As Larry Keeley at Doblin Group likes to say, product innovation is one of the most over-rated and over-used approaches to innovation. There are many other areas of an organization that can benefit from a focus on innovation. One of those that is done less often is to change your distribution channel, say from one type of store to another (specialty to big-box) or from indirect to direct.
There are probably many reasons why this is the case, but off the top of my head I can think of three:
- It’s a high risk proposition: it directly impacts your top line with potentially catastrophic effects in the near term, and possibly long term as well
- It’s very expensive to change, as all your sales and marketing efforts tend to be aligned around certain channels, and when you change you affect all their cost structures
- Retail channels are all about relationships, and when you change you have to create brand new relationships (often requiring expensive new staff or consultants to help), and you risk losing (ie, pissing off) the ones you’ve spent years building up to get a good level of trust and benefit.
This largely explains why companies who are new to a market are more likely to explore alternate distribution models. Think of Progressive Insurance with its direct web-based model, or Netflix with its, er, web-based model.
But both of these companies have also been innovative with their “product” offering, as well as how they have distributed it. They have taken advantage of the new opportunities presented by rethinking the distribution channel, their lack of baggage of historic distribution methods, and used these to shape a new-to-world product.
Long before Amazon changed the world of book selling, and Lulu threatens to change the world of book making, another company rethought how books are designed and sold: 71 years ago, Penguin books came in to existence because of a realization of an unmet need, as described on Penguin’s website:
Penguin was the brainchild of Allen Lane who was then a director of [publishing house] The Bodley Head. After a weekend spent with Agatha Christie in Devon, Lane searched Exeter station’s bookstall for something to read on his journey back to London, but found only popular magazines and reprints of Victorian novels. Following this, he recognised the need for good quality contemporary fiction at an attractive price. Lane was determined that the new range be available not just in traditional bookshops, but also in railway stations and chain stores such as Woolworths.
The first Penguin paperbacks appeared in the summer of 1935 and were a mix of biography, crime writing and novels. Genres were indicated by the colour of the band on the cover, biography being dark blue, crime green and fiction orange. All the titles were by contemporary writers including Ernest Hemingway, Eric Linklater and Agatha Christie. They cost just sixpence, the same price as a packet of cigarettes.
The site goes on to imply why the Penguin model was “unthinkable” to established publishers:
Within twelve months, Penguin had sold a staggering 3 million paperbacks, but was generally viewed with suspicion and uncertainty by traditional publishers. Hardback fiction sold at seven or eight shillings, and it was feared that the new cheap paperbacks might undermine this market. Some authors were also unsettled by what the advent of Penguin might bring.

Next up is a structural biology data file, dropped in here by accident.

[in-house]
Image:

An early example of disruptive innovation! Penguin even tried such things as book dispensing machines, known as the Penguincubator.
Note the earlier statement about different colors for different genres. All the Penguin books had a consistent “look and feel” in modern parlance, and did not adopt pictures on their jackets until several years later. This is an important lesson in the power of design: It allows you to quickly create an iconic, recognizable presence if you are new to a market. It’s also an object lesson in taking your “weaknesses” (low budget, poor quality printing and paper) and turning them into strengths. Penguin has been particularly “ruthless” in its application of its visual design language, making its standard lines consistently recognizable from a train-car length away. As the International Herald Tribune noted:
The arrival of Jan Tschichold, the German graphic designer, in 1947 transformed Penguin. He wrote a strict set of rules governing every element of design and ensured that they were enforced by editors and printers. In three years, he established Penguin as an exemplar of modern book design.
Penguin is also surely one of the earliest examples of brand tiering done so overtly in the book segment, introducing brand extensions like the Pelican, Puffin, King Penguin, and Penguin Classics lines. Interestingly, Penguin is a successful example of starting at the low tier and working your way up, usually considered the more difficult route. Throughout its history Penguin has also made periodic controversial decisions which have the by-product of keeping it in the public eye: The first publication of the unabridged Lady Chatterley’s Lover by DH Lawrence, and Salman Rushdie’s Satanic Verses are two examples.
I first thought about Penguin in this design/distribution context a year or so ago while I was working with a client who was trying to create a new product line and develop new distribution channels. I ended up not using the Penguin example as it was too remote, but I’ve been intrigued by their history ever since. So I was delighted to see this post at 37signals a little while back that lauded Penguin’s new line of books, Great Ideas, which have striking designs very much in the spirit of the first books 70 years ago, but with a decidedly contemporary edge. So here’s a belated tip of the hat to them.